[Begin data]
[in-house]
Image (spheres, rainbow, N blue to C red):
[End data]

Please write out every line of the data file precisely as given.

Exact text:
[in-house]
Image (spheres, rainbow, N blue to C red):